Caring for the mental health of humanitarian volunteers in traumatic contexts: the importance of organisational support

Kinan Aldamman, Trina Tamrakar, Cecilie Dinesen, Nana Wiedemann, Jamie Murphy, Maj Hansen, Elsheikh Elsiddig Badr, Tracey Reid, Frédérique Vallières

Research output: Contribution to journalArticlepeer-review

36 Citations (Scopus)
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Background: Humanitarian workers operate in traumatic contexts, putting them at an increased risk of adverse mental health outcomes. The quality of the support they receive from their organization, their supervisor, and team members are proposed as determinants of mental illness and well-being, via the stress-appraisal process.

Objective: Grounded in organizational support theory, we sought to understand the relationship between organizational factors, including perceived organizational support, supervisor support, and team support, and indicators of both adverse mental health and mental well-being among humanitarian volunteers. This relationship is hypothesized to be mediated by the perceived psychological stress.

Methods: A sample of 409 humanitarian volunteers from the Sudanese Red Crescent Society completed an online, anonymous, survey comprised of the Perceived Supervision, Perceived Organizational Support, Team Support, and Perceived Psychological Stress scales, as well as the Generalized Anxiety Disorder and Patient Health Questionnaire scales, (GAD-7 and PHQ- 8), and the Warwick-Edinburgh Mental Well-being Scale. Study objectives were tested using structural equation modelling (SEM) procedures.

Results: Perceived helplessness (PH) and perceived self-efficacy (PSE), as measures of psychological stress, were both found to fully mediate the relationship between perceived organizational support and mental health outcomes. Perceived organizational support was associated with PSE and inversely with PH. PH was associated with adverse mental health and inversely related to mental well-being. PSE was only associated with mental well-being. Perceived supervision was negatively associated with PSE.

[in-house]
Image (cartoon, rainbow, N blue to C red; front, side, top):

Conclusions: Perceived organizational support is a key determinant of the mental health of humanitarian volunteers, with greater perceived support associated with lower distress symptomology and greater mental well-being. Humanitarian agencies should take actions to improve their internal organization support systems to mitigate the stress associated with working in traumatic contexts. Specifically, more attention should be paid to the organizational support of the volunteers as front-line workers in humanitarian settings.

• Perceived organizational support is associated with both negative and positive aspects of humanitarian volunteers’ mental health.• Perceived psychological stress factors, including perceived helplessness and perceived self-efficacy, mediate the relationship between perceived organizational support and mental health.• Supervision and team support, as key components of managerial systems, are essential contributors to perceived organizational support within the humanitarian sector.• Organizational support theory is a useful framework to understand how organizational factors contribute to the well-being of humanitarian workers, especially volunteers.
Original languageEnglish
Article number1694811
Pages (from-to)1-13
Number of pages13
JournalEuropean Journal of Psychotraumatology
Issue number1
Early online date3 Dec 2019
Publication statusPublished (in print/issue) - 31 Dec 2019


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